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islandchick

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Thank you for all of the responses. They help, of course, but they also make me want to try everything, I am glad to learn about Regent air.

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Thank you for all of the responses. They help, of course, but they also make me want to try everything, I am glad to learn about Regent air.

I hope you enjoy your cruise. You sound like you would be a great couple to meet.

I agree with the poster above who said that just about all the lines you mentioned could suit you, but itinerary is obviously an important factor.

We Tories abound on luxury ships, but like you we leave all that behind when we’re on holiday.

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We have done 1 Viking ocean and 1 Viking river cruise and in general have been very happy with Viking. Lately we have been getting brochures from Oceania and Regent. I’m finding Regent intriguing for a few reasons - namely that it seems a good fit for us.

 

Mostly we will probably stick with Viking because we really do like their product. The scones at their Afternoon Tea are amazing BTW. But I do like a change now and then, and Regent has some interesting itineraries.

 

What we like about Viking is that they are totally unpretentious. Not a butler in sight . Nicely casual dress code. No ties, nor jackets required. There isn’t even a formal night to make you feel like a bumpkin, or require that you find somewhere else to eat if you choose not to get all dolled up.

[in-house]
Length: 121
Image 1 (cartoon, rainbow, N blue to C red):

I’ve kind of crossed Crystal and SilverSea off my list for that reason. I just don’t want to deal with it. They may be wonderful lines that offer fabulous experiences, but I just don’t think it’s a good fit.

 

I liked the Regent and Oceania set up, ships, and room size. We tend not to book a suite, but we do go for the more roomy class of cabin. We were in a Penthouse Veranda on Viking and it was splendid! From what I’m reading the onboard culture seems to fit as well.

 

Good luck with your quest and future cruises. For now we will be on Viking and we have 1 Azamara cruise booked strictly for the unusual itinerary - NYC to Charleston, SC to Hamilton (not Dockyard) Bermuda and back to NYC. But one day - probably sooner than later - I think you will find us on Regent.

 

 

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We have done 1 Viking ocean and 1 Viking river cruise and in general have been very happy with Viking. Lately we have been getting brochures from Oceania and Regent. I’m finding Regent intriguing for a few reasons - namely that it seems a good fit for us.

 

Mostly we will probably stick with Viking because we really do like their product. The scones at their Afternoon Tea are amazing BTW. But I do like a change now and then, and Regent has some interesting itineraries.

 

What we like about Viking is that they are totally unpretentious. Not a butler in sight . Nicely casual dress code. No ties, nor jackets required. There isn’t even a formal night to make you feel like a bumpkin, or require that you find somewhere else to eat if you choose not to get all dolled up.

 

I’ve kind of crossed Crystal and SilverSea off my list for that reason. I just don’t want to deal with it. They may be wonderful lines that offer fabulous experiences, but I just don’t think it’s a good fit.

 

I liked the Regent and Oceania set up, ships, and room size. We tend not to book a suite, but we do go for the more roomy class of cabin. We were in a Penthouse Veranda on Viking and it was splendid! From what I’m reading the onboard culture seems to fit as well.

 

Good luck with your quest and future cruises. For now we will be on Viking and we have 1 Azamara cruise booked strictly for the unusual itinerary - NYC to Charleston, SC to Hamilton (not Dockyard) Bermuda and back to NYC. But one day - probably sooner than later - I think you will find us on Regent.